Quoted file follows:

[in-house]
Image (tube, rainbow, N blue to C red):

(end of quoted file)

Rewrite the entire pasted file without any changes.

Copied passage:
[in-house]
Image (tube, rainbow, N blue to C red):